A Dutch court has on Friday ruled in favour of Nigerian farmers in the Niger Delta, whose land Shell Nigeria badly affected with oil spills.
The Court of Appeal in The Hague ruled that Shell Nigeria must issue payouts over a long-running civil case involving four Nigerian farmers who were seeking compensation, and a clean-up, from the company over pollution caused by leaking oil pipelines.
While not holding Shell’s parent company, which is headquartered in the Netherlands directly responsible, the court ordered it to install a leak detection system on the Oruma pipeline, which has a significant number of the spills in the case.
“Shell Nigeria is sentenced to compensate farmers for damages,” the court said in its ruling, which can be appealed via the Dutch Supreme Court.
According to the judgement, the amount of compensation will be established at a later date.
The farmers and Friends of the Earth campaign group initiated the case in 2008. They seek reparations for lost income from contaminated land and waterways in the Niger Delta region, the heart of the Nigerian oil industry.
The spills concerned were between 2004 and 2007, but pollution from leaking oil pipelines remains a big problem in the Niger Delta.
“Tears of joy here. After 13 years, we’ve won,” the Dutch branch of Friends of the Earth tweeted following Friday’s ruling.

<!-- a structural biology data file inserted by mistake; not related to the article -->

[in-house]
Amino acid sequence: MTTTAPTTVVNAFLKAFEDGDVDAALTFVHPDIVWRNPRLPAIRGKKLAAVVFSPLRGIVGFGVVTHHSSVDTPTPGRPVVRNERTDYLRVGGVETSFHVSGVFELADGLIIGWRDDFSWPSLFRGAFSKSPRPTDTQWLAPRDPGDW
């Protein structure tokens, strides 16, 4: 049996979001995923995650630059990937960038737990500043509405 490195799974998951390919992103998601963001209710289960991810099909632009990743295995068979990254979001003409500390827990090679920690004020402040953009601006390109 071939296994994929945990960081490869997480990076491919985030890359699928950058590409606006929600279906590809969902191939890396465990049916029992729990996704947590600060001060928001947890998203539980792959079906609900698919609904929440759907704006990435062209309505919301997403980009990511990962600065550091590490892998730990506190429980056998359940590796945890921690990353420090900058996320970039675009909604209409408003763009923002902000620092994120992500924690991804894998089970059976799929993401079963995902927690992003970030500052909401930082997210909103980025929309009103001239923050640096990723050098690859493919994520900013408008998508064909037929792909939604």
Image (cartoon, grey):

Although Shell argued that saboteurs were responsible for leaks in underground oil pipes that have polluted the delta, saying it should not be held legally responsible in the Netherlands for the actions of a foreign subsidiary, but the appeals court ruled that while sabotage was the most likely scenario in two of the villages affected, it could not be established beyond reasonable law, meaning the Nigerian subsidiary was liable.
Shell has been exploiting Nigeria’s vast oil reserves since the late 1950s. It has faced heavy criticism from activists and local communities over spills and for the company’s close ties to government security forces
During the argument, Friends of the Earth said that leaking pipes are caused by poor maintenance and inadequate security and that Shell does not do enough to clean up spills